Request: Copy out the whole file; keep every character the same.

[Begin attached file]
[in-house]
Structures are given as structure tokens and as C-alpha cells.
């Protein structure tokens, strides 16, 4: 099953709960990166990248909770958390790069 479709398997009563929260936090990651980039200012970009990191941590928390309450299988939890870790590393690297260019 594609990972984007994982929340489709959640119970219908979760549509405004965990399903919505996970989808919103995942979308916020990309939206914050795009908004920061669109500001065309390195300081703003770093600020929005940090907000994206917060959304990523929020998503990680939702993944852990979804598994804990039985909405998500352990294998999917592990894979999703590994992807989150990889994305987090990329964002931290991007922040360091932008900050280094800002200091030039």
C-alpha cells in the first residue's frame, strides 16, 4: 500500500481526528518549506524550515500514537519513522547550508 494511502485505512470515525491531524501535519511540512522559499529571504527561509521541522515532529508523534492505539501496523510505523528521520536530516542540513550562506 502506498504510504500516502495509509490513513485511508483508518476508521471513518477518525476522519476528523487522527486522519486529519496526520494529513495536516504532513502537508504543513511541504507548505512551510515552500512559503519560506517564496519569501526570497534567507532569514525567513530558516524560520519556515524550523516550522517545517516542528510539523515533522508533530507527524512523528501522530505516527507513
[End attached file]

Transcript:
[in-house]
Structures are given as structure tokens and as C-alpha cells.
């Protein structure tokens, strides 16, 4: 099953709960990166990248909770958390790069 479709398997009563929260936090990651980039200012970009990191941590928390309450299988939890870790590393690297260019 594609990972984007994982929340489709959640119970219908979760549509405004965990399903919505996970989808919103995942979308916020990309939206914050795009908004920061669109500001065309390195300081703003770093600020929005940090907000994206917060959304990523929020998503990680939702993944852990979804598994804990039985909405998500352990294998999917592990894979999703590994992807989150990889994305987090990329964002931290991007922040360091932008900050280094800002200091030039």
C-alpha cells in the first residue's frame, strides 16, 4: 500500500481526528518549506524550515500514537519513522547550508 494511502485505512470515525491531524501535519511540512522559499529571504527561509521541522515532529508523534492505539501496523510505523528521520536530516542540513550562506 502506498504510504500516502495509509490513513485511508483508518476508521471513518477518525476522519476528523487522527486522519486529519496526520494529513495536516504532513502537508504543513511541504507548505512551510515552500512559503519560506517564496519569501526570497534567507532569514525567513530558516524560520519556515524550523516550522517545517516542528510539523515533522508533530507527524512523528501522530505516527507513